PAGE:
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Concept of the Dental Home

Establishment of a dental home, by age 1 year or when the first tooth erupts, provides a vital foundation for oral health promotion and prevention of oral disease, such as early childhood caries. Analogous to the American Academy of Pediatrics concept of a medical home, the dental home has been defined by the American Academy of Pediatric Dentistry as “the ongoing relationship between the dentist and the patient, inclusive of all aspects of oral health care delivered in a comprehensive, continuously accessible, coordinated, and family-centered way.” The dental home involves ongoing interactions between the patient, parents, dentists, dental professionals, and nondental professionals, which increases awareness of the factors influencing the patient’s oral health.

Achieving optimal oral health care as part of a dental home requires a dentist who is knowledgeable about pediatric oral health or a pediatric dentist (a specialist that cares for children and their complex oral health needs), in partnership with the child’s primary caregiver. Together, the dentist and primary caregiver can develop a comprehensive preventive program based on an assessment of disease susceptibility. Similar to preventive care guidelines as part of a medical home, the preventive oral health plan for children provides anticipatory guidance on age-appropriate preventive measures. This includes oral hygiene practices, the importance of fluoride, dietary guidance, dental trauma, and the value of a dental home.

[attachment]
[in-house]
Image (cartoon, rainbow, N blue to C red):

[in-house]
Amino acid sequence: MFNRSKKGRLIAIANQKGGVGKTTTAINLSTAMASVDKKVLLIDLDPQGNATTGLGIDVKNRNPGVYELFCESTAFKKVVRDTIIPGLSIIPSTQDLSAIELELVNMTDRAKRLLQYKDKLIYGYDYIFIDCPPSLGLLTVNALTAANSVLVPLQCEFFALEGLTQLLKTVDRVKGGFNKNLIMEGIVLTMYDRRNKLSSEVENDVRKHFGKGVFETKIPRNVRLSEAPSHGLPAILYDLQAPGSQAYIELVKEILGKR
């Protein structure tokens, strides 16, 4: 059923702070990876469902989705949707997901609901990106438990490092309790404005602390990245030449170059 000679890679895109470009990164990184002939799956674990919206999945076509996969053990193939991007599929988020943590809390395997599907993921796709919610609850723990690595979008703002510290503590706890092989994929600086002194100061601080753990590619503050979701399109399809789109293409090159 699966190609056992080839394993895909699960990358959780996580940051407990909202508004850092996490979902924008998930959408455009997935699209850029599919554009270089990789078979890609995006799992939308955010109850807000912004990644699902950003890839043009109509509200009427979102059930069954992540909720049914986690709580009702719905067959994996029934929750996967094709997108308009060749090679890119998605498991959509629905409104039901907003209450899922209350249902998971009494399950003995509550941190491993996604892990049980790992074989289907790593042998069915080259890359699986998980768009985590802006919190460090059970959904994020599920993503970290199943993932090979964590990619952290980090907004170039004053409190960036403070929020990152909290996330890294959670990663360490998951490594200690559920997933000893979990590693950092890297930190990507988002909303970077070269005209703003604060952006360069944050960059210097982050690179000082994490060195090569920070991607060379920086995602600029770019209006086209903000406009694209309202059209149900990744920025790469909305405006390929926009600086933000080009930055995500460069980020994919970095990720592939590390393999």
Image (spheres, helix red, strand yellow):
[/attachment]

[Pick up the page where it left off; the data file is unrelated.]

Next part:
Addressing risk factors for early childhood caries is a central component of anticipatory guidance during routine visits to medical and dental providers. Beyond the focus on preventive oral health, the dental home provides access to comprehensive, routine, and urgent dental care, and facilitates referral to other dental and medical providers as indicated. By providing continuously accessible dental care, the time and cost of urgent or emergent dental treatment may be reduced for the family and society.

Prenatal & Perinatal Factors & Infant Oral Health Care

Oral health promotion by health care providers during the prenatal and perinatal periods provides preventive information to mothers and other family members about the potential consequences of their own oral health, which may impact their systemic health, pregnancies, and the well-being of their children. This information should include the importance of maintaining an adult dental home for preventive care and management of oral disease. Pregnancy-related gingivitis commonly occurs and, if untreated, may result in periodontal disease. Untreated dental caries can lead to pain and infection. Also, a mother’s and/or primary caregiver’s oral health knowledge, behaviors, and attitudes have an influence on the oral health trajectory of children. Infant oral health care is the foundation for preventive dental care. The infant oral health program should establish with caregivers (1) the goals of oral health, (2) their role in reaching these goals, (3) motivate them to learn and practice optimal preventive oral health behaviors, and (4) a long-term dental care relationship.


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